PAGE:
Posts Tagged ‘Automatic Horse Waterers’

Horse Care: Benefits of an Automatic Horse Waterer

Automatic Horse Waterers
The average adult horse can drink up to 10 gallons of water every day. As a horse owner, it’s your responsibility to ensure that your animal has an abundant and easily accessible supply of fresh, clean drinking water at all times.

Spring, summer, winter, or fall, horses require plenty of water during all seasons. Proper fluid intake keeps horses healthy, aids in their digestion, and helps them stay in peak physical condition for work and performance.

Unfortunately, when a horse does not get enough water, he can develop colic. Colic—or abdominal pain— remains one of the leading causes of death in horses. Researchers at the University of California, Davis, found that 11 out of every 100 horses (or more than 10%) will develop colic per year. Left untreated, colic can be deadly.

Though there are several types of colic, most horses display the following symptoms:

  • Pawing at or rolling on the ground
  • Inability to defecate
  • Anxiety
  • Severe sweating
  • Dark mucous membranes
  • Lack of interest in eating

If you suspect your horse has colic, you should treat it as an emergency and immediately call your veterinarian.

Nelson Manufacturing makes it easy for you to provide water to reduce the risk of this life-threatening problem.

Our automatic horse waterers mean you no longer have to fill pails throughout the day or break up ice during the cold winter months. We offer a wide selection of automatic horse waterers to fit every budget, every need, and every space. You’ll appreciate all the advantages of these waterers, including:

Automatic Horse Waterers

  • Easy installation and easy access. You can install them on a fence line, in pastures, in stalls, in concrete pipes or on concrete pads.
  • Simple maintenance. The stainless steel drinking bowls can easily be removed and cleaned by hand. In fact, cleaning a bowl takes less than 30 seconds.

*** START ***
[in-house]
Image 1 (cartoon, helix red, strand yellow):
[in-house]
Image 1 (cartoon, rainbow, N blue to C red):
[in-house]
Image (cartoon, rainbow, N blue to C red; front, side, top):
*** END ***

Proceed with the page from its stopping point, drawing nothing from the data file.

• Smooth, round, animal-friendly design.
  • Rust-free, maintenance-free construction.
  • Actuated water valve to provide a steady stream of fresh drinking water.
  • Monitoring capabilities that let you see exactly how much water your horse is drinking.
  • Electric heating that keeps water fresh even during the most frigid winters. Our heaters carry a three-year guarantee.
  • Easy water shut-off for cleaning or to prevent an overheated horse from drinking.

Help protect your horse’s health and help make your life easier. Click here to receive a free quote from Nelson today.








How Automatic Waterers Work: Part 2 – Heating Systems

In Part 1 of this series, we talked about how different automatic waterers refill themselves. While there are benefits and drawbacks to each method we discussed, deciding which refilling system to use largely comes down to personal preference.Bouncing Castles

It is not the same story with deciding which heating system to use in your automatic waterer. You must pick the heating system that best suits your temperate zone or face thousands of dollars in repair costs and weeks of shutdown when your water pipes freeze and your whole system breaks. Here, we discuss how different automatic waterers heat their water supply and which one is best for you.Milwaukee

Self-Operated Lever

In the first installment, we discussed waterers that turn off and on when the animal pushes a lever. Essentially, these are hydrants, and like hydrants don’t require a heating system since the water supply stays beneath ground.

Self-operated waterers are convenient and cost-effective in terms of heating, but please refer back to the first installment for a detailed explanation of their drawbacks. Specifically, they are not convenient to clean, can get broken easily, and only water one animal at a time. If you need to water lots of livestock, this is simply not the system for you.


Some automatic waterers simply rely on insulation to keep from freezing. In addition to their thick walls, such waterers will also have a “lid” over the actual water reservoir, which the animal pushes down to reach the water.

Especially if they have lids, these types of waterers are often a nightmare to clean, and they simply don’t keep water from freezing in any climate where freezing temperatures are sustained for long periods. While we don’t advise waterers that rely on insulation alone, we do strongly suggest insulated waterers that rely on one of the following systems for their primary heating process.


In this system, pressure is used to constantly circulate the water and thereby keep it from freezing. Because they rely on pressure and not electricity, such heating systems are low-energy, cost-effective, and can last repair-free for years.

But being pressure-operated, often only one of these systems can be used per well. If more than one of these types of waterers is hooked up to the same well, there is not enough pressure to keep the water circulated in each. So if you need to water multiple lots from the same well, this is not the system for you!

Electrical Elements